The Commissioner modified the order to provide for the issuance of a restricted broker's license upon application.   The Commissioner adopted the remainder of the proposed decision as his decision to become effective February 22, 1984.   On February 22, Chodur filed with the superior court a “Petition for Writ of Mandate and Application for Stay of Administrative Decision.”   At the hearing, the court found a sufficient showing of misconduct i.e., dishonest dealing, and an appropriate assessment of discipline in the form of the restricted license.   The court issued judgment denying the writ of mandate, and Chodur appealed.


 Chodur contends section 10177, subdivision (j)'s use of the term “dishonest dealing” is unconstitutionally vague and thus violative of the due process requirements of the Fourteenth Amendment.2  We disagree and hold that dishonest dealing is not an unconstitutionally vague standard with which to assess license suspension or revocation under the Real Estate Act.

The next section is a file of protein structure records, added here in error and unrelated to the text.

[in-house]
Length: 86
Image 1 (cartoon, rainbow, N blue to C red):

Most recently in Katz v. Department of Real Estate (1979) 96 Cal.App.3d 895, 899, 158 Cal.Rptr. 766, at footnote 3, the Court of Appeal affirmed the constitutional certainty of section 10177, subdivision (j).   The court relied on decisions in Dyer v. Watson (1953) 121 Cal.App.2d 84, 94, 262 P.2d 873, and Denny v. Watson (1952) 114 Cal.App.2d 491, 495, 250 P.2d 692, upholding the constitutionality of the same language used in section 10176, subdivision (i).  (See also Realty Projects, Inc. v. Smith (1973) 32 Cal.App.3d 204, 212, 108 Cal.Rptr. 71.)